Tag Archives: Health and safety impacts

Don’t lift ban on export of U.S. oil

Repost from the Asbury Park Press

MEHRHOFF: Don’t lift ban on export of U.S. oil

OPINION | Jessie Mehrhoff, November 12, 2015 11:21 a.m. EST
(Photo: Getty Images/iStockphoto)

It’s the fundamental connection between environmental degradation and human health that has me concerned about the prospect of Congress lifting the U.S. oil export ban, which will worsen climate change and threaten our communities with toxic spills.

The list of risks climate change poses to human health is long. Increased temperatures will spread tropical diseases to new latitudes. Heat waves will cause more deaths across the world. Warmer temperatures will lead to more health-threatening smog and decrease crop yields. Detailing these impacts and more in 2009, “The Lancet,” one of the world’s most respected medical journals, labeled climate change ‘the biggest global health threat of the 21st century.”

These aren’t just future consequences, to be experienced on the other side of the globe. In New Jersey, we still face the impacts of superstorm Sandy three years later. Climate scientists at Rutgers University predict even more extreme weather if climate change goes unchecked.

In addition to these consequences, the American Lung Association’s 2015 State of the Air report card has given Monmouth County an “F” for the number of high-ozone level days, and finds more than 56,000 people in the county suffer from asthma. Climate change is only going to make numbers such as this climb as our air quality worsens.

To avoid global warming’s most devastating health impacts, we must end our dependence on fossil fuels and transition to pollution-free, renewable energy. Lifting our decades-old ban on the export of U.S.-produced oil represents the opposite course.

If the oil companies have a larger distribution market for oil produced in the U.S., they will drill more — upward of another 3.3 million barrels per day for the next 20 years, by some General Accounting Office estimates. Even if only a fraction of all this extra oil is burned, global warming pollution could still increase 22 million metric tons per year — the equivalent of five average-sized coal power plants.

In addition to worsening climate change, there’s the public health threat of transporting additional oil across the country. While most crude oil is shipped around the U.S. by pipeline, shipments by rail have been increasing. To keep up with increased demand, oil trains have grown larger and tow more tanker cars than ever before.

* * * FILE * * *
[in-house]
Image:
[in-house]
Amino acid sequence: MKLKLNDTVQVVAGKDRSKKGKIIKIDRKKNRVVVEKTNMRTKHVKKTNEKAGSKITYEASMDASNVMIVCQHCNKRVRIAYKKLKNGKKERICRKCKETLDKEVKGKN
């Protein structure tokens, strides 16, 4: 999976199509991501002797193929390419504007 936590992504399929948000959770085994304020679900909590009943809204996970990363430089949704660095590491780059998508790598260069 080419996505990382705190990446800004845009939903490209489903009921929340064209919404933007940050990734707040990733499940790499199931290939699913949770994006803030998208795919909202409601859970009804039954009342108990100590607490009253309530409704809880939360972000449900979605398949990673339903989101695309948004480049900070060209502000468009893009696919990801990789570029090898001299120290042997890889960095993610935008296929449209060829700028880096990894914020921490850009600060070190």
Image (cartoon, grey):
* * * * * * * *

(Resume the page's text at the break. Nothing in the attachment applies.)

Currently, trains carrying highly flammable crude oil travel through 11 of the 21 counties in New Jersey —Mercer, Middlesex, Gloucester, Somerset, Hunterdon, Bergen, Camden, Essex, Hudson, Union and Warren — en route to refineries. These oil trains are an accident waiting to happen, and have spurred trainings across the state where firefighters, police and other emergency responders have prepared courses of action in an oil derailment emergency.

The fear of oil train accidents — where toxic crude oil is spilled into our communities — is not hyperbole. Accidents have been on the rise, with more oil accidentally dumped into our environment in 2013 alone than during the previous three decades combined.

In 2015, we’ve already seen three major oil train accidents. In Mount Carbon, West Virginia, a rail oil spill led to evacuations and a governor-declared state of emergency. In Galena, Illinois, a spill threatened to pollute the Mississippi River. A spill in Heimdal, North Dakota, forced the evacuation of a town.

If we are to prevent these accidents from taking place in the 11 New Jersey counties through which these trains travel, we must work to reduce the amount of oil these trains carry. Transporting the increased oil we would produce domestically if the oil export ban were lifted could require enough trains to span the country from Los Angeles to Boston seven times over.